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Accidental data leakage at Eli Lilly

Feb 05, 20083 mins
Data and Information Security

You’ve probably seen one of those disclaimers, if you don’t have one on your email signature. They always say something like, “The content in this email message is for intended recipients only. If you get this message in error, you need to delete it.”

I usually get them when I get email from lawyers or big corporations that are really paranoid about IP. Like Eli LIlly, for example, whose outside counsel, Pepper Hamilton, apparently leaked a story to the New York Times in the worst possible way.

One of its outside lawyers at Philadelphia-based Pepper Hamilton had mistakenly emailed confidential information on the talks to Times reporter Alex Berenson instead of Bradford Berenson, her co-counsel at Sidley Austin.

Those e-mail auto-fill features can really come back and bite you. I’ve certainly screwed up with them, but this was a bad one. Probably the last person int he world you’d want to accidentally send a message like this to.

What I find interesting, though, is the fact that the Times reporter doesn’t want to comment on the SNAFU? ( “I can’t say anything. I just can’t,” he’s quoted as saying)

Why not? Could it be that he’s worried about a boilerplate email disclaimer in that message saying “you don’t have the right to use this material if you’re not the intended recipient.”

Nobody knows for sure, but I asked a lawyer friend of mine, Venkat Balasubramani,  what he thought. Here’s what he said:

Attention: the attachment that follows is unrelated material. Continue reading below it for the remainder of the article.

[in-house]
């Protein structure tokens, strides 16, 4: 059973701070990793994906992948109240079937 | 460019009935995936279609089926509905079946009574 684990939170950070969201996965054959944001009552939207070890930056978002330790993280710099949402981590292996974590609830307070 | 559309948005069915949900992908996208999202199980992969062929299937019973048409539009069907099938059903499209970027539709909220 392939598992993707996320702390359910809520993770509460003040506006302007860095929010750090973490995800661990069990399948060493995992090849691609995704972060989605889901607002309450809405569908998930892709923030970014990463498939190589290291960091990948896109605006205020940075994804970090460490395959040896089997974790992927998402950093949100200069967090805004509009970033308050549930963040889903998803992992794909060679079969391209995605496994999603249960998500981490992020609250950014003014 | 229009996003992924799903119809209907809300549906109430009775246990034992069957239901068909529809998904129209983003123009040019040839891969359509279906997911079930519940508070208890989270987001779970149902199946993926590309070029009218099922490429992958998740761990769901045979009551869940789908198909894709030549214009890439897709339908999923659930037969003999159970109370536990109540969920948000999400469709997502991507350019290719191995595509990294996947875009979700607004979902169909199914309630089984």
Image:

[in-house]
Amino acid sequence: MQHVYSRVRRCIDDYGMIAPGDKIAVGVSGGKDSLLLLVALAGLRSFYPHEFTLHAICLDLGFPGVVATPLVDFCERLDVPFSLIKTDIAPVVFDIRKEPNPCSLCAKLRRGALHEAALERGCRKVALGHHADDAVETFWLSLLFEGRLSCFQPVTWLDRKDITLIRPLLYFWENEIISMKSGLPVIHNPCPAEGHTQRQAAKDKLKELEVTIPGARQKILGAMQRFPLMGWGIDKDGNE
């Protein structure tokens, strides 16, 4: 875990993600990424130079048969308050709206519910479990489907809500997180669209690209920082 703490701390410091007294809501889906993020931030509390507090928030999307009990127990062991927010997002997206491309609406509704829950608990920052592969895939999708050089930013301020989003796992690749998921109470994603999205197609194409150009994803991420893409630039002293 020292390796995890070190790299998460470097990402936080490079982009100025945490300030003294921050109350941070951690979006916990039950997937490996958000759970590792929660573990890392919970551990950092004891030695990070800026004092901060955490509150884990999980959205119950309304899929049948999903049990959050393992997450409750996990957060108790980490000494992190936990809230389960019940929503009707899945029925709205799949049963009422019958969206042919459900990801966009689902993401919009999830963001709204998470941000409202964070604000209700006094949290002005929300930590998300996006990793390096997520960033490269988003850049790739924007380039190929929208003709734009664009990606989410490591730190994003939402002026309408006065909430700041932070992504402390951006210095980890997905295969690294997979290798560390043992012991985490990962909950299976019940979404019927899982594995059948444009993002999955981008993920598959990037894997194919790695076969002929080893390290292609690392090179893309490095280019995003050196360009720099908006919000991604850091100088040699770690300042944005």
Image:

I would guess (and I don’t think anyone knows the definitive answer at this

point) that an email disclaimer is probably not binding.  Most senders

include a disclaimer for their own protection, to be able to argue that they

took reasonable steps to restrict the free dissemination of confidential or

other sensitive information (which often belongs to the client).  But as a

simple matter of contract law, no one has asked you in advance if you agree

to the terms of the disclaimer before you open and access the message.

Ironically, you have to open the message and read its contents, before you

get down to the disclaimer which is often found at the bottom.  Where

someone sends you an unsolicited email this applies with greater force.  You

have no relationship to the sender, no course of conduct regarding treatment

of information and emails – it’s tough to argue that you as the recipient

have an obligation to obey the terms of the disclaimer.  There may be other

laws which apply which may prevent you from forwarding an email or otherwise

exploiting its contents, but generally speaking, the disclaimer alone could

probably not be used to preclude you from discussing the email or its

contents.  A disclaimer may put you on notice that you have encountered

third party confidential information and should proceed with caution, but

honestly disclaimers are so ubiquitous that it would be tough to take this

argument seriously. Still, it’s something the recipient should keep in mind.

I’m guessing in this case the reporter just wants to avoid further

aggravating the situation or ruffling the feathers of someone involved and

that’s why the reporter refused to comment.


This blog says the lawyer’s email wasn’t as filled with juicy details as the Portfolio story suggested.

Berenson did receive a mis-directed e-mail from Pepper, but that e-mail did not contain a detailed description of the status of the settlement talks. Berenson had known independently about the settlement talks for some time, and he obtained the details he published in the Times from sources other than Pepper.

–Robert McMillan